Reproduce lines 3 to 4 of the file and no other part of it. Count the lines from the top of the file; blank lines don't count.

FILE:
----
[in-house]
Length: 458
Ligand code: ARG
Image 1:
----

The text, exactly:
Ligand code: ARG
Image 1: